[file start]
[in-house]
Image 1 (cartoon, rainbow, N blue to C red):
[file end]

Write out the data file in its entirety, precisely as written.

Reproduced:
[in-house]
Image 1 (cartoon, rainbow, N blue to C red):